A guide to the COVID-19 vaccination programme
This leaflet explains the coronavirus (COVID-19) vaccination programme, who is eligible and who needs to have the vaccine to protect them from COVID-19.
Online registration and appointment system are now available:
What is COVID-19 or coronavirus?
COVID-19 is a very infectious respiratory disease caused by the SARS-CoV-2 virus.
Many people who are infected may not have any symptoms or only have mild symptoms. These commonly start with cough, fever, headache and loss of taste or smell.
Some people will feel very tired, have aching muscles, diarrhoea and vomiting, fever and confusion. A small number of people then go on to have severe disease which may require hospitalisation or admission to intensive care.
Overall fewer than 1 in 100 people who are infected will die from COVID-19, but in those over 75 years of age this rises to 1 in 10.
There is no cure for COVID-19 although some newly tested treatments do help to reduce the risk of complications.
About the types of vaccine
In the UK and Isle of Man there are several different types of COVID-19 vaccines in use. The vaccines have been approved on the basis of large studies of safety and effectiveness.
More than 45 million people in the UK have been vaccinated against COVID-19 and the vaccine has already prevented more than 20 million infections and more than 60,000 deaths from COVID-19.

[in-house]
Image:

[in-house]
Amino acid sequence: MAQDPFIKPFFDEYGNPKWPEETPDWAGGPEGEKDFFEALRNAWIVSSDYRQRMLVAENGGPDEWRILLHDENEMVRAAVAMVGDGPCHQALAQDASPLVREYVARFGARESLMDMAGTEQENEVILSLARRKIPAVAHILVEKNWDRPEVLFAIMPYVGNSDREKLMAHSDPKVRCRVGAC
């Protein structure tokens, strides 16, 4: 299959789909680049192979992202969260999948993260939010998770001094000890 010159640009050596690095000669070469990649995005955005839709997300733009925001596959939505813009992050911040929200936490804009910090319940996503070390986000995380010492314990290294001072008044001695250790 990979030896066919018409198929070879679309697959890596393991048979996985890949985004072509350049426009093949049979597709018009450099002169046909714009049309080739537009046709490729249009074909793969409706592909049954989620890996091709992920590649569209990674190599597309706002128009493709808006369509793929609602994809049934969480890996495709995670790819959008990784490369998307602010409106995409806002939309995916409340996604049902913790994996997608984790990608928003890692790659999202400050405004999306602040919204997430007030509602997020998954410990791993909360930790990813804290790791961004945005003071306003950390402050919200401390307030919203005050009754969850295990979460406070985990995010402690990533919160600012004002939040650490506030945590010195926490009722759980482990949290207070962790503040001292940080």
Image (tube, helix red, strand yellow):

Are you at increased risk from COVID-19 infection?
Coronavirus can affect anyone.
The risk is higher in older ages. For example, the risk of dying from COVID-19 in someone aged 40 to 49 is 3 times higher than someone in the 30 to 39 year age group and 12 times higher than someone in the 20 to 29 year age group. If you are an adult, you should have already been offered the vaccine. If not, you remain at risk, and you can still get the vaccine from the Manx Care.
Pregnant women should also receive COVID-19 vaccine. Please read the COVID-19 leaflet for childbearing, pregnant or breastfeeding women.
Those who cannot have the vaccine
A very small number of people who are at risk of COVID-19 cannot have the vaccine – this includes some people who have severe allergies and people with certain very rare blood disorders. The Joint Committee on Vaccination and Immunisation (JCVI) has advised it is preferable for healthy people under 40 to have the Comirnaty® vaccine.